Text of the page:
Most correspondents were moved by our coverage of Jacqueline Kennedy Onassis’s extraordinary life (PEOPLE, Juno 6). Searching for a word to describe the quality that most inspired their feelings for her, many of them settled on “grace.” Among those few who objected to our cover story, some felt that media adulation for the former First Lady was excessive—others, that it was simply unjustified.
I wish to express my gratitude for the excellent and discerning tribute to Jackie Kennedy. It was one of your finest pieces of journalism.
ELIZABETH SKELTON, State College, Pa.
As I read your article on Jacqueline Kennedy, I cried and then smiled. What a wonderful lady she was. I am a 24-year-old who never knew her in the glorious days of Camelot, although I wish I had.
SUZAN NOEL, St. Louis
You have captured her distinctive life and demise with the grace, dignity and eloquence she would have appreciated.
DORIS JACOBS, Mineola, N.Y.
The early years of Jacqueline Kennedy Onassis represented a magical time when people worked hard, cared about their country, devoted their lives to family. It was a time when show-and-tell meant bringing a toy to school, not a gun. It was when housewives were respected, not criticized; when art, history and culture were important. The people Mrs. Onassis left devastated by her death only prove how much that magical lime is missed. To honor her life and memory, all who admired her should try to emulate her. We would all be in a better place today and tomorrow.
SUSAN FRIEDMAN, Lake Worth, Fla.
I have always felt there are more positive people in the world than negative, and alter reading PEOPLE for 20 years I can still count on you to introduce me to a few each week. I was not always a fan of Jackie Kennedy Onassis’s, as I felt she spent money foolishly, but over the years I saw her with many more good qualities—especially the way she raised her children.
JUDY E. WEAVER, Sandusky, Ohio
I am once again shocked and dismayed at your lack of fair coverage regarding your covers. Granted, Mrs. Kennedy deserves recognition for her accomplishments and contributions to the country. She was, however, a President’s wife. The lack of coverage for President Nixon’s passing is inexcusable. PEOPLE should mean all notable people, not just a select few. No matter your personal feelings for Richard Nixon, he was a President and certainly deserved equal footing with a former First Lady.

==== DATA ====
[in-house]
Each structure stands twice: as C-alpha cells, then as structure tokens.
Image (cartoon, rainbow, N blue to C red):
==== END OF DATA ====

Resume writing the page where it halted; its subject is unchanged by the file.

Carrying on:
DOROTHY J. FODOR, Oak Harbor, Wash.
Why don’t newspeople ever consider people’s feelings? With all the beautiful and elegant pictures of Jacqueline Kennedy, you chose to put one of her coffin on your front page. I expect this from the tabloids but not from you. It was nothing but an insult to Mrs. Kennedy and her children.
VALLI STONE, Pensacola, Fla.
In a perfect world Jacqueline Kennedy Onassis would have been granted her dearest wish, privacy. Your tribute would have been a beautiful gesture to a remarkable and gracious woman if not for intrusive photographs of her memorial service. Shame on you. I expected more class from your magazine.
M. LEN MEIER, Concord, N.C.
Enough already! PEOPLE is the fourth magazine delivered to my home this week with Jacqueline Onassis on the cover. I expect any day to hear that she has been elevated to sainthood. I must be the only person that believes Jacqueline Onassis was a selfish and greedy person. From all the articles I have read, I get the picture of a woman who did nothing unless there was money involved. Her father-in-law paid her $1 million to stay with John Kennedy, she married an old man for his money, and she lived with a wealthy married man without a thought for his wife and children. If this is a woman to be admired and placed on a pedestal, God help us all.
MARIE HUGHES, Rutledge, Ca.
- I am surprised at your readers’ reactions to Oprah‘s weight-loss success. Yes, she has a personal cook, but she also has to pass snack machines, convenience stores and fast-food restaurants every day. Instead of stopping, she hustles herself to the gym and works out. I come to praise Oprah, not to bury her.
- DEBORAH P. STOVALL, Lauderhill, Fla.
- Oprah has been rich and overweight for years, and to diminish her accomplishment by chalking it up to money is a discredit to her and perhaps gives those who are less motivated one more reason to sit on the couch and complain.
- CHIP BROWN, Houston